Findings of three different studies on the status of “malnutrition in Gujarat” show that the levels of undernourishment among children of the state – especially those living in the tribal belt – is as high as 94 percent.
These field studies conducted by separate organisations show that there is “definitive link” between the poor condition of Aanganwadi’s in Gujarat and the wide prevalence of malnutrition in the state. The result of these studies were made public at a event on the subject organised at Gujarat Vidyapith by an NGO, Child Rights and You (CRY) on Friday.
One of the most damning of these studies was the one undertaken by Surat-based Centre for Social Studies (CSS) – an autonomous social science research institute supported Union Ministry of Human Resource Development (MHRD) as well as Government of Gujarat — in the Dediapada taluka of Narmada district where 96 percent of the population is tribal.
“A sample survey involving 849 children in 20 villages of this taluka show that the malnutrition levels are as high as 94 percent in children in age group of 5-15 years,” said Gagan Bihari Sahu, associate professor of CSS who has himself undertaken the survey in these villages. Sahu however cautioned against extrapolating the findings from Dediapada, where the average malnutrition levels for children (of all age groups) stood at 59 percent.
According to Sahu, children in this region were not using the “mid-day meal programme” and that the poor quality of aanganwadis and lack of education were factors contributing to the poor malnutrition levels. “Loss of traditional food resources by way of ecological change or environmental degradation have considerable influence on the dietary pattern and have also contributed to the falling levels of nutrition,” he added.
A representative from Adivasi Vikas Trust who spoke at the event narrated how the state government agencies manipulate the data on “malnourishment” in this tribal belt. “There is a huge gap between our surveys and those conducted by the state government. The malnourishment projects exists on paper as far as Dediapada is concerned,” said Ishwar Pavar who heads the Trust at Dediapada. “Health-checks in the aanganwadis are irregular, there is no monitoring by the state government of these centres, most of which are located in difficult and hilly terrain,” Pawar added.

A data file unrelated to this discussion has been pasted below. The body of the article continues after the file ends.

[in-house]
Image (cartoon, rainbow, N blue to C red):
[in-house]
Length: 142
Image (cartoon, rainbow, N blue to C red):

Meanwhile, a second study inspired by recent reports of Comptroller and Auditor General of India (CAG) on the poor quality of Aanganwadis in Gujarat, talked about the “gaping holes” in the way these institutions are run. “Of the 249 Aanganwadi’s surveyed in 17 districts, we found that 65 percent do not have adequate toilet facilities, 34 percent do not have working electronic weighing scales, 28 percent do not provide regular health check-ups and 30 percent do have utensils for serving or preparing food,” said Kumar Nilendu of CRY which conducted the study along with BAAG (Buniyadi Adhikar Andolan Gujarat). The study examined the implementation of the ICDS (Integrated Child Development Scheme) in the state.
Similar observations were made by CAG about the aanganwadis in Gujarat in it’s latest reports on “local bodies” of the state. “There is a definite link between the poor condition of the aganwadis in Gujarat and the high levels of malnutrition that exists in Gujarat,” said Sejal Dave from an NGO – Anandi (Area Networking and Development Initiatives).
Dave who presented the third study at the event said that her NGO had surveyed 36 villages in seven “high priority talukas identified by the state government as having acute problem of malnutrition” and found that 81 percent of the severely undernourished children covered under the survey did not have their names of the ration cards and 64 percent of the families of such children did not have a “Mamata Card” ( a web-based initiative of the state government to improve maternal and child health services in rural and urban areas of Gujarat).
Speakers who spoke at the event also expressed concerned on the manner in which the food supplied under the ICDS scheme was not reaching the children but were being “fed to the cattle” in some of the areas that were covered by these three surveys.